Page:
Book Review: The Rise of Women Farmers and Sustainable Agriculture

Sachs_webCultivating a New Agriculture

by Angie Carter

Book Review: The Rise of Women Farmers and Sustainable Agriculture by Carolyn E. Sachs, Mary E. Barbercheck, Kathryn J. Brasier, Nancy Ellen Kiernan, and Anna Rachel Terman. Published by University of Iowa Press , 2016. 202 pp., $29.95.

The Rise of Women Farmers and Sustainable Agriculture is a collaborative project, written by long-time advocates—Carolyn Sachs, Mary Barbercheck, Kathyrn Brasier, Nancy Kiernan, and Anna Terman. All are part of the Pennsylvania Women in Agriculture Network (PA-WAgN), and use their experience and research with PA-WAgN to offer a much-needed framework for shifting our agricultural system to one that prioritizes equality and social justice.

Part history, part analysis of women in sustainable agriculture today, and part blueprint for change, the book is an interesting read for all involved in sustainable agriculture.

Like WFAN, PA-WAgN began with partnerships among farmers, activists, and researchers with the expressed purpose of supporting women in sustainable agriculture. The authors combine women farmers’ personal stories with historical and contemporary research to bring to life how women are changing the face of agriculture, creating new identities for farmers, and creating new models of farming.


Carolyn Sachs published The Invisible Farmers: Women in Agricultural Production in 1983, a ground-breaking book documenting the often-ignored importance of women in agriculture and the taken-for-granted patriarchal landscape of agricultural production. Since that time, women have led important transitions in food culture and food justice activism, and agricultural institutions have begun to pay new attention to groups that have historically been marginalized in agriculture, such as women, African-America, Latinx, and Native American farmers.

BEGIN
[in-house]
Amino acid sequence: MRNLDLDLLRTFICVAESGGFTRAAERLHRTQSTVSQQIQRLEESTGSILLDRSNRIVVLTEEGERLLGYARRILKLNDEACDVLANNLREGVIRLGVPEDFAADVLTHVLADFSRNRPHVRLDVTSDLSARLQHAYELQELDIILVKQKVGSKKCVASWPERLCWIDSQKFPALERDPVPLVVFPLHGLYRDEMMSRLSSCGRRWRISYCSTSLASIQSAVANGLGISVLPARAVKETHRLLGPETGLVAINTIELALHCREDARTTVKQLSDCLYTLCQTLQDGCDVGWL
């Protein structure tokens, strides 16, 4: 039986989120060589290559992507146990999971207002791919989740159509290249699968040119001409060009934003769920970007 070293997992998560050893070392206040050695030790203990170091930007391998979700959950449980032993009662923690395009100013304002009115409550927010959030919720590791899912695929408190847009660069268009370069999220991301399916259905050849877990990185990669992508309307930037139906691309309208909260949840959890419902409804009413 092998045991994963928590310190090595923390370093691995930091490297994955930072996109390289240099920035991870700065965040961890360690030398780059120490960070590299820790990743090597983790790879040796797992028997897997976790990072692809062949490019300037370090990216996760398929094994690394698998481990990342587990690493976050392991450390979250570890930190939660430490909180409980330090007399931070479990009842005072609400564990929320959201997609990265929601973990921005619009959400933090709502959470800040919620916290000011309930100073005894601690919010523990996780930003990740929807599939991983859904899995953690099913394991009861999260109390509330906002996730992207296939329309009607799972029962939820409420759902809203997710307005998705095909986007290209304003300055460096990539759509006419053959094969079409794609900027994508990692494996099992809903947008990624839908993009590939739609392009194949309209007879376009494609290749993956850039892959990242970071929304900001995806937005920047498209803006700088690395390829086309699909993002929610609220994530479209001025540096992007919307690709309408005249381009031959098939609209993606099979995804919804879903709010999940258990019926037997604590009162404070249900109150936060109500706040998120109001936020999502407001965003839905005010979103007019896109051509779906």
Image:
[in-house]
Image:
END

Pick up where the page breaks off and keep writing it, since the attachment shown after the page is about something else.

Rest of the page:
As the authors share, 30% of farm operators in the US are women and the majority of these women farm smaller, diversified operations. Yet, even as the face of the farmer is changing, agricultural institutions that serve farmers are not. The authors’ research finds that agricultural specialists and advisors are often still stuck in the status quo in their thinking of who is a farmer and what is a farm. In too many situations, the invisibility of women in sustainable agriculture continues. This is why, the authors argue, women-centered organizations, such as PA-WAgN or WFAN, continue to be essential.

Personal stories of PA-WAgN’s farmers illustrate myriad of ways women access land, labor, and capital despite these challenges. The innovative and creative strategies identified through the authors’ research and experience in PA-WAgN, and studies of sister organizations such as WFAN, Maine WAgN, Vermont WAgN, and Daughters of Yarro, shape the a blueprint for agricultural systems change. This “feminist agrifood systems theory” or (FAST) may sound familiar to WFAN’s members—it centers women’s experiences in agriculture, uses peer-to-peer networks for education, mentorship, and advocacy, and prioritizes personal, economic, and environmental sustainability. This framework is a ready tool for those actively engaged in farming and farm advocacy, as well as specialists and researchers working with women in agriculture.

History teaches us that social change takes a long time. In The Rise of Women Farmers, we learn how and why women farmers lead changes in sustainable agriculture, and that these changes, deeply rooted in a long history of women in agriculture, promise to continue to grow.

Angie Carter

Angie Carter is a WFAN board member and an environmental sociologist. She lives in Davenport, IA, where she teaches at Augustana College.